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Dogs are People Too

I love my dog.  She is treated like family.  Since I don’t have any 2-legged kids of my own, Dixie and my cats ARE my kids.  That being said, she is still a dog and sometimes we need to be reminded of that.

Losing Bosco and Moose last year within the span of 3 months was really tough on both me AND my husband.  Moose was his sidekick.  He went everywhere with him.  And when Moose crossed the Rainbow Bridge, I think something broke inside my husband.

When Bosco and Moose were so sick, we fed them by hand.  It seemed a natural thing to do – chicken, roast beef, Vienna Sausages, sandwich meats and American cheese became their staple.  They also had pieces of Fresh Pet dog loaf, which, after awhile, Bosco wouldn’t eat.  He was picky about his food to say the least!

Well, after our boys passed, my husband continued the tradition of feeding Dixie by hand.  It seemed to start innocently enough – chicken and roast beef and dog loaf in the morning and at night.  Then in the morning, mid-morning, lunch time, dinner time and after dinner.  Yogurt bones and peanut butter bones that had been reserved for an after dinner treat were suddenly given as a lunch-time snack AND a dinner snack.  At over $5.00 a bag, I finally put my foot down.  I am not a millionaire.  I can’t spend $40 a month on dog treats!   Not to mention we still had 3 huge bags of dry dog food that hadn’t been touched for months.

I was then told that I would be feeding the dog from now on.  Since I work, it’s going to be a juggling act in the mornings, but…so far, so good.  Before the boys got sick, I used to cook up a chicken, add vegetables and dog vitamins.  That would be warmed up in the mornings and stirred into their dry dog food.  So, that’s what I’ve been doing.  Dixie still doesn’t want to eat out of a bowl, and admittedly, I’m handing her the food (while moving my hand closer and closer to the bowl), but I think we’re making progress.  She gets one yogurt or peanut butter bone at night.  She gets a gravy bone after she finishes her breakfast.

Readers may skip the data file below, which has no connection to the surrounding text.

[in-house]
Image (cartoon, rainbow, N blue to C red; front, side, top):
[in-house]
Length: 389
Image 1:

For dinner, I cook up a roast of some sort and mix that with canned dog food.  And she still gets a small piece of cheese as a treat.

I love my dog.  I love my husband.   But Dixie is only 9 years old.  I want her to stick around for another 5-10 years.  I’m hoping she’ll drop a few pounds, be more energetic and want to chase rabbits again.  (Don’t worry, they are WAY too fast for her to catch!)






The Rainbow Bridge

There is nothing harder in this life than to say goodbye to a loved one.  Even when that loved one has 4 legs and fur.  Our beloved Moose passed away on December 26.   As I’ve mentioned, he struggled for a long time with a myriad of issues.  He was going on 15, which is old for a big dog, but his passing has left another huge whole in our hearts.  Dixie, our Border Collie mix, seems lost without her brothers, both which left us too soon.